'Unforeseen circumstances' can help you avoid taxes
Homeowners typically can sell their primary residences free of capital gains taxes if they meet certain requirements.
The IRS even cuts taxpayers some additional slack in the event of death or divorce.
But Congress went a step further when it enacted Section 121 of the Internal Revenue Code.
This allows exclusion of at least some gain if the home is sold because of changes in health, employment or unforeseen circumstances and the sale would not otherwise qualify under Section 121.
If these exceptions apply, then homeowners get a reduced exclusion based on a ratio that compares how long the home was lived in and owned by the homeowner to two years (24 months).
For example, if the homeowner lived in and owned the home for 18 months before selling it, the exclusion would be 75% (or 18/24) of normal, which is $250,000 if single and $500,000 if married.
Consider this example:
Andres and Pamela marry and purchase a home in January 2011. Because of a change in circumstances, they sell their home in January 2012 and recognize a capital gain of $100,000.
If the change in circumstances qualifies under Section 121, Andres and Pamela’s normal capital gain exclusion of $500,000 is reduced by half to $250,000 (12 months lived in the home divided by 24 months, or 12/24).
The entire gain is still excluded from their income because it is less than Andres and Pamela’s now-reduced exclusion of $250,000.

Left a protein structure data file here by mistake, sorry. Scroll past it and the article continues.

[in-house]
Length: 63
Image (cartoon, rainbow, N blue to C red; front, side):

Homeowners automatically qualify for the reduced exclusion if:
- The homeowner sells because of a change in workplace. The new workplace has to be at least 50 miles farther from the home being sold than the old workplace was from the home being sold.
- The homeowner sells because of a physician’s recommendation.
- The homeowner sells for other reasons, such as destruction of the home due to an accident or natural disaster or the death or divorce of the homeowner.
In all cases, the change of employment, health issue or unforeseen circumstances must actually be the main reason for selling the home.
If these specific circumstances are not met, the reduced exclusion may still be allowed if the taxpayer can make a good argument. The IRS has allowed the reduced exclusion in circumstances not specifically spelled out by the regulations.
Section 121 may be one of the most taxpayer-friendly in the entire Internal Revenue Code. If home prices ever start to go back up, homeowners just might get to take advantage of it.
Clint Costa is an attorney and CPA at the Chicago law firm of Shaheen, Novoselsky, Staat & Filipowski in Chicago.